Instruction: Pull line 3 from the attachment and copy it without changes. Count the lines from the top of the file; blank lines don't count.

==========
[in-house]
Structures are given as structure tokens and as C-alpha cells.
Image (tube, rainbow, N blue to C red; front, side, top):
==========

Image (tube, rainbow, N blue to C red; front, side, top):